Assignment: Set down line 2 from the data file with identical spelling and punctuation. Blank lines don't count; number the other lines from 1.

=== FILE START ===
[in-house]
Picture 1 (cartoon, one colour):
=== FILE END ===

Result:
Picture 1 (cartoon, one colour):